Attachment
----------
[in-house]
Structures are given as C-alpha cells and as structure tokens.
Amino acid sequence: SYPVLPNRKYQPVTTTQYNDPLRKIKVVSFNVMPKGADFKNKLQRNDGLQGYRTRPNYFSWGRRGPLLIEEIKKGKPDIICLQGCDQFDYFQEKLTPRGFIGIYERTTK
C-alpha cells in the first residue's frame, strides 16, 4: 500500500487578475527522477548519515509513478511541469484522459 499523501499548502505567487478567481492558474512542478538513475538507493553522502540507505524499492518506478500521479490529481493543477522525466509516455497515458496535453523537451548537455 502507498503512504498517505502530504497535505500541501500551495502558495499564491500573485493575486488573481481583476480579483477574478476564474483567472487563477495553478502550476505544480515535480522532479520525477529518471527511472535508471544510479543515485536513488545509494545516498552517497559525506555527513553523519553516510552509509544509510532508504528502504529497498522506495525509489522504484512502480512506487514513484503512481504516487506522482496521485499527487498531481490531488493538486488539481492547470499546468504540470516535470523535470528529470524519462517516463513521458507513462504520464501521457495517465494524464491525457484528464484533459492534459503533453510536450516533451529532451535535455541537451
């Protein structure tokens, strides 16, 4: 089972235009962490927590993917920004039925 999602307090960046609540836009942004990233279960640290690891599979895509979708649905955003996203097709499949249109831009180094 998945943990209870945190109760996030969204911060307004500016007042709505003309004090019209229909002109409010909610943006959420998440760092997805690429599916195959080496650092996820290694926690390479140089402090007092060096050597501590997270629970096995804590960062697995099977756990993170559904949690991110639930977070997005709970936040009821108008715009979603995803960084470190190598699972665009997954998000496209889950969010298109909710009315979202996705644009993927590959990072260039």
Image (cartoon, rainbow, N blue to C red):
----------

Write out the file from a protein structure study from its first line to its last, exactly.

[in-house]
Structures are given as C-alpha cells and as structure tokens.
Amino acid sequence: SYPVLPNRKYQPVTTTQYNDPLRKIKVVSFNVMPKGADFKNKLQRNDGLQGYRTRPNYFSWGRRGPLLIEEIKKGKPDIICLQGCDQFDYFQEKLTPRGFIGIYERTTK
C-alpha cells in the first residue's frame, strides 16, 4: 500500500487578475527522477548519515509513478511541469484522459 499523501499548502505567487478567481492558474512542478538513475538507493553522502540507505524499492518506478500521479490529481493543477522525466509516455497515458496535453523537451548537455 502507498503512504498517505502530504497535505500541501500551495502558495499564491500573485493575486488573481481583476480579483477574478476564474483567472487563477495553478502550476505544480515535480522532479520525477529518471527511472535508471544510479543515485536513488545509494545516498552517497559525506555527513553523519553516510552509509544509510532508504528502504529497498522506495525509489522504484512502480512506487514513484503512481504516487506522482496521485499527487498531481490531488493538486488539481492547470499546468504540470516535470523535470528529470524519462517516463513521458507513462504520464501521457495517465494524464491525457484528464484533459492534459503533453510536450516533451529532451535535455541537451
């Protein structure tokens, strides 16, 4: 089972235009962490927590993917920004039925 999602307090960046609540836009942004990233279960640290690891599979895509979708649905955003996203097709499949249109831009180094 998945943990209870945190109760996030969204911060307004500016007042709505003309004090019209229909002109409010909610943006959420998440760092997805690429599916195959080496650092996820290694926690390479140089402090007092060096050597501590997270629970096995804590960062697995099977756990993170559904949690991110639930977070997005709970936040009821108008715009979603995803960084470190190598699972665009997954998000496209889950969010298109909710009315979202996705644009993927590959990072260039």
Image (cartoon, rainbow, N blue to C red):